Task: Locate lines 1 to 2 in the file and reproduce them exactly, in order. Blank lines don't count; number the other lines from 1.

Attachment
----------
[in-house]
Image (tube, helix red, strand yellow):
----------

[in-house]
Image (tube, helix red, strand yellow):